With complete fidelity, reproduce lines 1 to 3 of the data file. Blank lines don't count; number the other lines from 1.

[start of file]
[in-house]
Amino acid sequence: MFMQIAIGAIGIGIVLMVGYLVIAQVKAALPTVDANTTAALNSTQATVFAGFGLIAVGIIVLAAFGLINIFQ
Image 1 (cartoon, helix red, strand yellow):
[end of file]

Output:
[in-house]
Amino acid sequence: MFMQIAIGAIGIGIVLMVGYLVIAQVKAALPTVDANTTAALNSTQATVFAGFGLIAVGIIVLAAFGLINIFQ
Image 1 (cartoon, helix red, strand yellow):